The Ambassador in China (Gauss) to the Secretary of State

No. 2100

Sir: Referring to the Embassy’s despatch No. 2030 of January 15, 1944, in regard to Kuomintang-Communist relations, I have the honor to enclose a copy of despatch No. 10 of January 24, 1944, from the Secretary on detail at Sian on this subject.40

Summary. Mr. Drumright reports that Central Government military preparations in the areas surrounding Communist-controlled territory continue on a large scale and that on January 19 he saw thousands of Szechuan troops moving north along the highway between Paocheng and Paoki. (In an informal report to the Embassy, Mr. Drumright described these troops as the most tattered, torn, tired and famished group of soldiers he had ever seen, many of whom were literally skin and bones and some of whom would perhaps die before reaching Paoki—troops who are not now and probably never will be in a condition to fight either the Japanese or the Communists.) A high Chinese military official informed Mr. Drumright that the Central Government is preparing to annihilate the Communists if they attempt to expand their territory or to break the blockade of Communist-controlled north Shensi but that the Central Government will not make the error of attacking the Communists. The local authorities at Sian have recently removed the radio apparatus from the Sian headquarters of the 18th Group Army [Communist] but the headquarters has not been closed. End of Summary.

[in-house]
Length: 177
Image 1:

Mr. Drumright’s informant describes the economic situation in Communist-controlled north Shensi as going from bad to worse due to the acute shortage of foodstuffs made more serious by the large concentration of Communist troops in that area. This official estimates that the food shortage in Communist-controlled Shensi will be so acute by April of this year that the Communists may be faced with the alternative of reducing their troop concentrations or of attempting to break the Government’s blockade. If the Central Government’s blockade can be made sufficiently stringent to prevent the transport of food supplies into the Communist-controlled areas it is possible that one of Chungking’s chief hopes may lie in forcing the withdrawal of some of [Page 317] the Communist forces from the Border Region to Hopei and Shantung, thus weakening the Border Region defenses and the position of the Communists.

The Embassy has not heard from other sources of the possibility of a food shortage in the Communist areas but is reliably informed that the policy of the Border Region Government is to welcome famine and flood refugees from other areas because of the lack of manpower in the Border Region. In order to increase food production, the local authorities in the Communist areas are said to allot land, seed and implements to such refugees. Whether this policy has succeeded in increasing food production is not known; while the Communists themselves admit that there was a serious food shortage in the Communist areas two years ago, they maintain that the use of all able-bodied men in agricultural work during 1942–43 resulted in a harvest sufficient to take care of the needs of the area.

Respectfully yours,

C. E. Gauss
  1. Not printed.